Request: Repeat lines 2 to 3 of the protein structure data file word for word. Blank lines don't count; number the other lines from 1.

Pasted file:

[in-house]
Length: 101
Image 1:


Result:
Length: 101
Image 1: